enforceability of the share sale agreement, corporate good standing of FCIS and the
Bank, compliance with laws, possession of requisite permits and consents, breaches of
any of the material provisions of existing contracts between FCIS and the Bank and third
parties other than employee contracts and ownership of underlying assets of FCIS and
the Bank. The limitation of such claims is 20 years after the date of completion of the
share transfer to the Bank;
capitalised interest accruing from the date the Company was acquired by the Bank to the
greater of the maturity date of the obligation or 6 years from the date of completion of
the share transfer to the Bank; and
The limitation of such claims is 2 years after the date of completion of the share transfer
to the Bank.
(e) Credit-related commitments
The primary purpose of these instruments is to ensure that funds are available to a customer
as required. Guarantees and standby letters of credit carry the same credit risk as loans.
on behalf of a customer authorising a third party to draw drafts on the Bank up to a
shipments of goods to which they relate and therefore carry less risk than a direct loan.
3.1.5 Impairment and provisioning policies
The Bank impairment provision policy is covered in detail in Note 2.7.
The Bank's policy requires the review of individual financial assets that are above materiality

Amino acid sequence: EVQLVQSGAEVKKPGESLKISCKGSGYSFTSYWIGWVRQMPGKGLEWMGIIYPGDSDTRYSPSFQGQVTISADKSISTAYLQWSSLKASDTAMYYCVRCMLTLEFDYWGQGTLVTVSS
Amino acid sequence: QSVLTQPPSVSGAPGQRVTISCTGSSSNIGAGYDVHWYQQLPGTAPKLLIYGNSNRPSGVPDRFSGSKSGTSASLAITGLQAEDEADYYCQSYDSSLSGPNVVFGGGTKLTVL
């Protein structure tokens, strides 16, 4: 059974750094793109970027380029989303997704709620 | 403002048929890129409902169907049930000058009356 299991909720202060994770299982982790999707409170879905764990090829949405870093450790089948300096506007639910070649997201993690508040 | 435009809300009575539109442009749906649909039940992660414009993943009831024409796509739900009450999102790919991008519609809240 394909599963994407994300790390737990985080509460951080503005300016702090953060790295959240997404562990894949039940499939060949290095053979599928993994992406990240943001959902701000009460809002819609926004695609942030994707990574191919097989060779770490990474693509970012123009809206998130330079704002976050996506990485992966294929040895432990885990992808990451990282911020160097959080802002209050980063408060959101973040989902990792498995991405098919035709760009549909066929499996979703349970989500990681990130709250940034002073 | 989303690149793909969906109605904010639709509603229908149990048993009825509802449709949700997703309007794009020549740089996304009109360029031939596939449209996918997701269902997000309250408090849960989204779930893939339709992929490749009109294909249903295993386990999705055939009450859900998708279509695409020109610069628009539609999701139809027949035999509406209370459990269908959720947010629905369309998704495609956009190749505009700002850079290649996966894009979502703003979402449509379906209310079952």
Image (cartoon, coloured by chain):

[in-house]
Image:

thresholds at least annually or more regularly when individual circumstances require. Impairment
allowances on individually assessed accounts are determined by an evaluation of the incurred loss
at the year-end on a case-by-case basis, and are applied to all individually significant accounts. The
assessment normally encompasses collateral held (including re-confirmation of its enforceability)
and the anticipated receipts for that individual account.
Collectively assessed impairment allowances are provided for: (i) portfolios of homogenous assets
that are individually below materiality thresholds; and (ii) losses that have been incurred but have
not yet been identified, by using the available historical experience, experienced judgment and
Links Archive December 22nd 2014 December 24th 2014 Navigation Previous Page Next Page